To eliminate the aforementioned deficiencies, finite element (FE) modeling may be a feasible scheme. Comparing to the analytical method, to study the behavior of FRP-strengthened RC member under sustained load, the FE method may provide a more powerful tool, which calculates numerically and does not operate on the basis of cross section analysis. Those specific simplifications mentioned above may also be avoided, which makes the FE method more generally applicable. However, to date, studying the time-dependent performance by FE approach has not been extensively conducted. One of the likely reasons should be that reasonably developing time-dependent constitutive models of materials can be a challenging task.

The major thrust of this paper is to propose a finite element model to investigate the long-term response of FRP-strengthened RC beam under sustained load. The time-dependent characteristics of all components including the evolution of concrete property along with time were modeled as user-defined subroutines in ABAQUS 6.12 [25]. Besides, load sustaining experiment of a strengthened beam was also conducted. By comparing the experiment and FE results, the validity of the FE model is demonstrated. Also, interfacial stresses were accurately determined by the same FE model, with appropriate mesh refinement near the end of CFRP plate. Additional numerical investigations were carried out to study the changes of edge stresses over time induced by the creep of materials.

2. Long-Term Deformation Monitoring

Time-dependent deformation of a FRP-strengthened RC beam under sustained load was monitored for 200 d. The sectional dimension was 250 × 400 mm with a 30 mm thickness. The total and effective span was 3300 mm and 2900 mm, respectively. D28 reinforcement (diameter is 28 mm) was used for reinforcement on the compression side, while D14 reinforcement (diameter is 14 mm) was used for reinforcement on the tension side. Under service state, concrete stress is not high, which presents linear creep. In this study, adequate compression bars were used to control instantaneous stress in compressive concrete at lower level simulating the service condition. CFRP plate with length and width of 2600 and 200 mm was bonded on the tension soffit of beam. D8 (diameter is 8 mm) reinforcement at interval of 200 mm was used for the stirrups. To avoid premature debonding near the end of CFRP plate, CFRP sheets were used to wrap around the test beam. Figure 1 provides the detailed information of the test beam.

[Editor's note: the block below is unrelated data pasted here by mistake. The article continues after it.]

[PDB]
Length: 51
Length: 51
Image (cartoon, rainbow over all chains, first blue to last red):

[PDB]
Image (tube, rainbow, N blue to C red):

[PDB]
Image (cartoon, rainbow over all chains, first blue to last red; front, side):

The test beam was cast by commercial concrete. The 28-day cylinder compressive strength of the concrete was 34.0 MPa. Other parameters of concrete are listed in Table 1. Table 2 shows the properties of steel reinforcement. Table 3 gives the properties of epoxy resin (applied as adhesive), CFRP sheet (for avoiding premature debonding), and CFRP plate (for flexural strengthening). The reported material strengths above are measured mean values.


Slump of fresh concrete (mm)Ratio of fine aggregate to total aggregate by weight (%)Cement content (kg/m3)Fly ash content (kg/m3)Water cement ratio

22038325600.4


Reinforcement typeYield strength (MPa)Ultimate strength (MPa)

Tension, D14461625
Compression, D28420570
Shear, D8435610


Ultimate strength in tension (MPa)Elastic modulus (GPa)Thickness (mm)

Epoxy resin layer39.63.4681.4
CFRP sheet35102410.15
CFRP plate24821741.4

The test beam was simply supported and loaded in four point bending. The sustained load F was 75% of the theoretical ultimate capacity Fu (on the basis of cross section analysis) of the same dimensional RC beam without strengthening. The beam was cured for 7 d, then placed indoors for another 69 d before loading. In the test, a dedicated experimental system, made up of vertical reaction frame, screw jack, and steel distribution beam, was designed to apply and sustain the external load, as illustrated in Figure 2. Load was applied to the beam through slowly lifting up the screw jack, meanwhile, its value was monitored by the force sensor at the top of the jack. As the value reached to 0.75 Fu (117.71 kN), screw jack was locked to prevent lifting or declining, which sustained the load. When the deformation of test beam increased due to creep behavior, the applied load might decrease, then the Jack was unlocked and further lifted up to replenish the force to the designed level (0.75Fu). During the long-term test, the error of applied load was controlled within ±1% of the planned value.